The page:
Asian American Hero of CO: Kevin Leung
2018 Asian American Hero of Colorado Awardee:
Kevin Leung, Director of Douglas County School District Board of Education
Born into a very poor Hong Kong family, Leung’s parents were both illiterate, and he came to the U.S. with nothing in his name. Leung grew up in poor public housing and was admitted to a school operated by Catholic charities. He is grateful to have enjoyed a first-class educational experience at no cost to his family.
“Without the generosity of the donors to provide free education for poor people like me, I would have never made it out of the slums in Hong Kong,” Leung says. “I want to give back, so the underprivileged can have the same opportunities as me. By giving back, they too can break the cycle of poverty and develop to their fullest potential. It is the right thing to do and can provide inspiration to countless others that you can make it too if you work hard and educate yourself well.”
Leung earned two master’s degrees from the University of Colorado and was elected in 2017 as the board director of the Douglas County School District. He earned the trust of more than 52,000 voters in Douglas County to serve a four-year term to manage the school district’s budget of $700 million to improve the educational system for more than 68,000 students.
He is the only Asian immigrant elected official in Colorado and the only Asian American appointed to serve in the Colorado Department of Education’s Accountability Work Group.
“Through hard work and dedication, Kevin has had great successes in life that make him a positive role model for immigrant communities,” says Ching-Ching Chan, a colleague who nominated Leung for the Asian American Heroes award. “Kevin successfully breaks through many glass ceilings in the mainstream American community with his victory in the November 2017 school board election.”’
Leung also currently serves as an advisor for the Overseas Community Affairs Council, Republic of China (Taiwan) and chair for Hop Sing Tong Denver. His past contributions include serving as chair for the City of Parker’s Authority for Reinvestment Advisory Committee, vice president of Asian Roundtable of Colorado and president of the Taiwanese Chamber of Commerce Greater Denver Colorado.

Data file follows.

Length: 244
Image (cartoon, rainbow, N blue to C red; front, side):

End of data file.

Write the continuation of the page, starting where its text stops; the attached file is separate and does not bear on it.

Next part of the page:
He and his wife, Shirley, also own several successful businesses in Colorado; and prior to that, Leung managed an IT operation and was in charge of Chinese operations for a Fortune 500 company.
“I would not be here today without all the support and encouragement from my lifelong partner, Shirley, which let me contribute a lot of time to improving public education,” Leung says.
Besides being a loving husband and father, Leung’s greatest achievement is his dedication to public education. He has successfully protected public education funding for public schools in the U.S. by defending Article 9 Section 7 in the Colorado State Constitution and works to incorporate the (ESSA) Every Student Succeeds Act law into the Colorado’s education system.
Leung lives by a mantra from Confucius: “Education breeds confidence. Confidence breeds hope. Hope breeds peace.”
He encourages younger generations to learn from immigrants like him who have a strong work ethic; acquire an education — whether it’s through a traditional university, vocational school or apprenticeship — and not be afraid to work hard.
“If my illiterate parents did not teach me to shoot for the stars when I was growing up, I would never have dreamed of getting out of the slums and going overseas to the land of the opportunity: the U.S.A.,” he says. “I believe that I could be anything I set my mind to, and I dreamed big and so should the young people. Though your dream may not come to fruition, you will never have regrets because you tried!”
Another one of Leung’s favorite quotes is from Martin Luther King, Jr.: “The ultimate test of a man is not where he stands in moments of comfort and moments of convenience, but where he stands in moments of challenge and moments of controversy.”